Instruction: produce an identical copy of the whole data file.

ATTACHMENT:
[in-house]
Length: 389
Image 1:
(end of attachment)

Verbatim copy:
[in-house]
Length: 389
Image 1: